Do US Open organizers really think the iPad is dangerous?
The organizers of the US Open pride themselves on using technology to help tennis fans enjoy the sport more both inside and outside the stadium.
But, as far as iPad is concerned the tournament’s tech love affair only goes so far, as the grand slam organizers appear to have banned the device from the stadium itself.
Some visitors to Arthur Ashe Stadium learned about this the hard way; by being turned away from the gates when security guards found them carrying the offending gadgets.
Given that the event organizers take space on their website to boast about their iPhone app, it was not immediately clear why its bigger cousin the iPad should be forbidden.
One security worker explained to a disappointed fan of both tennis and the iPad that the ban was due to concerns about terrorists. “They’re using iPads to detonate things.”
Really? A US open official was not immediately available on Wednesday to verify this was the tournament’s official stance.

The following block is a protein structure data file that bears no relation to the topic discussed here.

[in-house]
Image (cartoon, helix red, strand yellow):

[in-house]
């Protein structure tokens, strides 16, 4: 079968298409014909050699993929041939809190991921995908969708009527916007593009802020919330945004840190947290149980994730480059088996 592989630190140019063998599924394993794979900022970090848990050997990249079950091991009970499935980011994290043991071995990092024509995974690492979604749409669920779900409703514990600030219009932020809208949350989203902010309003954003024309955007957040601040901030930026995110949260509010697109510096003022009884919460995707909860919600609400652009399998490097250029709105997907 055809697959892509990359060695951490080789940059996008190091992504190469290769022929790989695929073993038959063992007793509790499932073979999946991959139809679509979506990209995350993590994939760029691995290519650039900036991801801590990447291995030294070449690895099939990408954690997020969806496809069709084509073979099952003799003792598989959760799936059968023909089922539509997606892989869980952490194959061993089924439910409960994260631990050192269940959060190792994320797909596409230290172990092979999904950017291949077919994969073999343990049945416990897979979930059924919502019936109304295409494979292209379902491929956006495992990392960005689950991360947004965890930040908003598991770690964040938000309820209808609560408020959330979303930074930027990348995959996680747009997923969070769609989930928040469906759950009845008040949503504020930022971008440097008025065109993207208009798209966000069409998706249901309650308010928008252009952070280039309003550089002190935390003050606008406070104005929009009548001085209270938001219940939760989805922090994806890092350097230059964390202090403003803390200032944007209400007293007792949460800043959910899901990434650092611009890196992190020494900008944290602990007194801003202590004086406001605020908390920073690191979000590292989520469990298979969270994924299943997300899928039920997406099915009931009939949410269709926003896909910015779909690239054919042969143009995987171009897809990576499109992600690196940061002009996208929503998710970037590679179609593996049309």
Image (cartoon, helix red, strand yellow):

Hidden in the security section of the visitor’s guide to the US Open website is a list of items prohibited from the event including computers and laptops as well as video recorders.
But the irony was not lost on tech reporters and executives attending the game on Tuesday night because US Tennis Association has been reasonably forward looking when it comes to technology. The event’s tech boasts include an augmented reality iPhone app that IBM developed for the USTA. That app promises to warn you about the quickest bathroom lines or off what’s happening in other courts if you point your phone in the right direction.
You could also enjoy the action of simultaneous matches by flicking between video streams on devices such as iPad.
Yet even Joe Ambeault, a product development executive for Verizon, explained how he was held up on his way to Verizon’s suite at the stadium because his bag included an array of gadgets such as an iPad, a laptop and some smartphones.
Then Ambeault went on to discuss how devices like iPads could be used to expand the use of Verizon’s FiOS video and internet service and improve enjoyment of sporting events, or at least those events where they are allowed.
(Reuters Photo: Venus Williams celebrating a win that gives her a spot in the US Open semi-final)